By Leon Espinoza

Timing is everything.

When the magazine team at Pioneer Utility Resources launched “Heroes Among Us,” we had no idea 2020 would be such a challenging year.

As it turns out, the yearlong series in Ruralite and Currents magazines, conceived long before stay-at-home and keep-your-distance became part of common vernacular, offered a needed break and source of inspiration for magazine readers. The series has spent the past year sharing the unique stories of everyday helpers who make a difference in communities across the rural Northwest and West.

The series was intended to inspire involvement. And it did.

Readers Celebrate Local Heroes

Brooklyn Hohman
Ron Jacobson

We invited readers to nominate their own unsung heroes to spotlight at the conclusion of the yearlong series. And we offered tangible recognition for the Adult and Youth Heroes of the Year.

The adult winner, an 81-year-old retired Marine from Ronald, Washington, known as Grandpa Ron (Jacobson), is a tireless volunteer at his local elementary. Ron, who was profiled along with other everyday helpers in January, received a $500 gift card and $500 to the charity of his choice from Pioneer.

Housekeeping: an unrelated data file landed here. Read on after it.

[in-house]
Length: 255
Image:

Ron is so dedicated to helping kids — he serves hundreds of volunteer hours a year — that he timed pacemaker surgery for a spring break so he wouldn’t miss school. As he shared in the January story, “I’m still taking care of my troops, except they’re 70 years younger than I am (now).”

The youth winner, 12-year-old Brooklyn Hohman of Bend, Oregon, turned her love of cycling into a fundraising passion for kids with cancer. She kept rolling and raising money even after the pandemic shuttered riding events. Pioneer awarded Brooklyn, to the delight of her family, a $1,000 scholarship.

Lessons Learned

  1. In the worst of times, focusing on the positive has great power.
  2. It is ok to think out of the box.
  3. Forming unique partnerships pays dividends.

The “Heroes Among Us” series is the second yearlong magazine series we’ve published with funding support from the M.J. Murdock Charitable Trust, a private nonprofit foundation in Vancouver, Washington, serving nonprofits across the Pacific Northwest. Pioneer and Murdock share the same geography and aim of enriching life in rural communities we serve. For each of us, the initial partnership was unchartered territory.

The funding support, which began with a 2019 series called “The Changing Face of Rural Health Care,” allows us to do on-the-ground storytelling that makes a difference.

The special storytelling also gives us the chance to make journalism a verb, giving readers a way to react, participate and use the information received.

Starting in February we are at it again, launching a yearlong series called “The Heart of Community.” 

This time, the focus is on spotlighting the arts in rural communities, with a deliberate eye toward keeping the arts alive in these challenging times. Once again, we are receiving support from Murdock, and plan a new wrinkle in these virtual times, a limited series podcast. Stay tuned.